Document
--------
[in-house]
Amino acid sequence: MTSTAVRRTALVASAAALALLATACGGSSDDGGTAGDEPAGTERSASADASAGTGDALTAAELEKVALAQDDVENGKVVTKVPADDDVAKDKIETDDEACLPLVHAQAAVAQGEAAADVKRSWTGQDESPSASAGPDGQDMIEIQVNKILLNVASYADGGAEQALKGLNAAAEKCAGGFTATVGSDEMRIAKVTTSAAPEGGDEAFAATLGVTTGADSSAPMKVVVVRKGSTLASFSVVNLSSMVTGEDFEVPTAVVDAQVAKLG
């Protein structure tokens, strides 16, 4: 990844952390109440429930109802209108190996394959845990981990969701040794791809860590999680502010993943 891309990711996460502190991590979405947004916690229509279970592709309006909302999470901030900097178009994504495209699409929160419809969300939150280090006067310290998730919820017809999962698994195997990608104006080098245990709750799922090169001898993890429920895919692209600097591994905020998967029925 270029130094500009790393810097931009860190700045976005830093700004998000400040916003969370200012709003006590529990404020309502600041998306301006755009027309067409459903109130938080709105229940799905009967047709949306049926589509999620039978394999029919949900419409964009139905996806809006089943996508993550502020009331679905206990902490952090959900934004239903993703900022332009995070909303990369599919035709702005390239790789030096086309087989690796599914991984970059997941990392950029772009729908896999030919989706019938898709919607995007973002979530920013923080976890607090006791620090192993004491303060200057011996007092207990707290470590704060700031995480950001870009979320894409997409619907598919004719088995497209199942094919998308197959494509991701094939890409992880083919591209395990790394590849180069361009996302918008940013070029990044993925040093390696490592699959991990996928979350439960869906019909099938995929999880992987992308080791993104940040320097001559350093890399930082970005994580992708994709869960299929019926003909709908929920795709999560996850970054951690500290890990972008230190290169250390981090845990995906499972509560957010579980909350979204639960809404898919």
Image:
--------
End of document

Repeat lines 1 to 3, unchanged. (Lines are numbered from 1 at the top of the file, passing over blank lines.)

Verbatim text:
[in-house]
Amino acid sequence: MTSTAVRRTALVASAAALALLATACGGSSDDGGTAGDEPAGTERSASADASAGTGDALTAAELEKVALAQDDVENGKVVTKVPADDDVAKDKIETDDEACLPLVHAQAAVAQGEAAADVKRSWTGQDESPSASAGPDGQDMIEIQVNKILLNVASYADGGAEQALKGLNAAAEKCAGGFTATVGSDEMRIAKVTTSAAPEGGDEAFAATLGVTTGADSSAPMKVVVVRKGSTLASFSVVNLSSMVTGEDFEVPTAVVDAQVAKLG
């Protein structure tokens, strides 16, 4: 990844952390109440429930109802209108190996394959845990981990969701040794791809860590999680502010993943 891309990711996460502190991590979405947004916690229509279970592709309006909302999470901030900097178009994504495209699409929160419809969300939150280090006067310290998730919820017809999962698994195997990608104006080098245990709750799922090169001898993890429920895919692209600097591994905020998967029925 270029130094500009790393810097931009860190700045976005830093700004998000400040916003969370200012709003006590529990404020309502600041998306301006755009027309067409459903109130938080709105229940799905009967047709949306049926589509999620039978394999029919949900419409964009139905996806809006089943996508993550502020009331679905206990902490952090959900934004239903993703900022332009995070909303990369599919035709702005390239790789030096086309087989690796599914991984970059997941990392950029772009729908896999030919989706019938898709919607995007973002979530920013923080976890607090006791620090192993004491303060200057011996007092207990707290470590704060700031995480950001870009979320894409997409619907598919004719088995497209199942094919998308197959494509991701094939890409992880083919591209395990790394590849180069361009996302918008940013070029990044993925040093390696490592699959991990996928979350439960869906019909099938995929999880992987992308080791993104940040320097001559350093890399930082970005994580992708994709869960299929019926003909709908929920795709999560996850970054951690500290890990972008230190290169250390981090845990995906499972509560957010579980909350979204639960809404898919």